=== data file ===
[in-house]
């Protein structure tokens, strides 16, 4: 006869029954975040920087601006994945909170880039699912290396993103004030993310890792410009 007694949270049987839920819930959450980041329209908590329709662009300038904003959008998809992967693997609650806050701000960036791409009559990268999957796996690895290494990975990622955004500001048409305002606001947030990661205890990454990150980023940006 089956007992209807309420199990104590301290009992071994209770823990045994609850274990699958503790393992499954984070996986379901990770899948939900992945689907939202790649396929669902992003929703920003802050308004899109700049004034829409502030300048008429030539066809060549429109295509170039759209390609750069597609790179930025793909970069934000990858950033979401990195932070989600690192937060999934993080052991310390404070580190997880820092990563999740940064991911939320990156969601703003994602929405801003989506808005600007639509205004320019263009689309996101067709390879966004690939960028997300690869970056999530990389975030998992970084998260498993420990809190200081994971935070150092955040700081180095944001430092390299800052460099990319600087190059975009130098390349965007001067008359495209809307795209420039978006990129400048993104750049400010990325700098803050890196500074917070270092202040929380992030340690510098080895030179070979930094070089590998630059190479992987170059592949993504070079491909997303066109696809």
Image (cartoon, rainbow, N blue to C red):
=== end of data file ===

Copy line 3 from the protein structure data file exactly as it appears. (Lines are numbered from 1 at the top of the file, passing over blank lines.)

Image (cartoon, rainbow, N blue to C red):